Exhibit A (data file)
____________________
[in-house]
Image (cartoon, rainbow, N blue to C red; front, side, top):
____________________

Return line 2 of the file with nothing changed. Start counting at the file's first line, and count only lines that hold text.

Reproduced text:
Image (cartoon, rainbow, N blue to C red; front, side, top):